The attack is mobile OS agnostic and affects users that have previously used OAuth 2.0 at least once to sign into a "vulnerable" third-party application. Leveraging such a flaw in the mobile OAuth 2.0 implementation, attackers can have full access to the victim's account and essentially to sensitive and private user information hosted by the third-party back-end server. Consequently, in some cases attackers can even perform actions on behalf of the victim. According to the researchers' empirical results, out of the 182 applications they tested, 41,2% (75) were found to be vulnerable to the attack, with the majority (58) of the vulnerable applications using an OAuth 2.0-based authentication service provided by a Chinese IdP called Sina. Vulnerable mobile applications that use an OAuth 2.0-based authentication service by Facebook or Google were fewer (9 and 8 respectively) but the latter two IdPs have much larger user bases.   

Issues Surrounding OAuth 2.0 in Mobile Devices

There are some serious issues surrounding the use of OAuth 2.0 by mobile applications:

  • In the meantime of the ongoing standardization[2] of OAuth 2.0 for mobile applications, various IdPs have developed their adaptations of OAuth 2.0 protocol to support mobile applications for their platforms, which leads to fragmentation. Therefore there is not a single, well-defined and extensively documented implementation of OAuth 2.0 for mobile applications, rather than different interpretations of the protocol, which lead to security issues.
  • IdPs do not extensively document their own OAuth 2.0 APIs for mobile applications or provide specific usage guidelines, thus they are not well understood by third-party mobile app developers, especially regarding their security requirements and assumptions. Consequently, as shown by the researchers, this leads to pitfalls and insecure implementations by the third-party developers.
  • Third-party application developers put a lot of trust in the information the back-end server receives from the client-side of the mobile application and by extension from the client-side of the IdP. Thus, they often do not properly validate received data. They make the assumption that whatever the third-party back-end server receives from its client-side counterpart is to be trusted. Since the client-side of the third party application may rely on potentially tampered data received from the client-side of the IdP mobile application, this is an incorrect assumption.

Recommendations

Based on the above issues related to OAuth 2.0 for mobile applications, several recommendations can be made:

For Internet Standards Developers

OAuth 2.0 for Web-sites has been widely adopted by IdPs and has been documented in detail. In contrast to that, it is evident that OAuth 2.0 for mobile applications is not at the same level of maturity, which strongly indicates the need for reassessing the protocol for mobile applications. OAuth 2.0 for mobile applications needs to be published under one official standard through an RFC. A complete and detailed documentation is needed to address all the security and operational nuances introduced by mobile platforms as compared with the Web-site version of OAuth 2.0. Through a universal standard, all IdPs and third-party developers will be able to use a standard that has been previously extensively tested. A clear and extensive documentation will help both IdPs and third-party developers in respectively adopting and implementing the protocol in both a uniform and more secure way.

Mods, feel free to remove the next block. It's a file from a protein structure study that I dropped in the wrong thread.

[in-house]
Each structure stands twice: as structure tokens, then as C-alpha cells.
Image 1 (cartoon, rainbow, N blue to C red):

For Identity Providers

IdPs need to make sure that their own OAuth 2.0 APIs are secure, and make appropriate updates if not. They also need make sure that third-party mobile application developers use their APIs properly. They must extensively document their OAuth 2.0 APIs for mobile platforms and provide specific and security-centric guidelines to third-party mobile application developers, describing in detail how they can correctly use their APIs. Having said that, IDPs should refrain from re-inventing the wheel by developing home-brewed extensions of OAuth 2.0-based APIs and consider using protocols, which try to rectify issues of past identity protocols, e.g. OpenID Connect, when possible. In any case IDPs need to make sure that their authentication service is well-documented, well-understood and correctly implemented by third-party developers regardless of the protocol they adopt.

For Third-party Mobile Developers

Third-party developers should be very cautious when incorporating OAuth 2.0 in their mobile applications. They should consult IdPs for correctly implementing the protocol and not draw deficient security assumptions relying on incomplete documentation and guidelines provided by IdPs, since this has proven to lead to insecure implementations.   

 

[1] RFC 6749 defines OAuth 2.0 as follows: "The OAuth 2.0 authorization framework enables a third-party application to obtain limited access to an HTTP service, either on behalf of a resource owner by orchestrating an approval interaction between the resource owner and the HTTP service, or by allowing the third-party application to obtain access on its own behalf".

[2] There is a draft IETF document called "OAuth 2.0 for Native Apps", which is still under development and focuses on OAuth 2.0 authorization requests from native apps made through external user-agents, primarily the user's browser.

* The Info Note has been updated. We would like to thank Mike Schwartz for his feedback.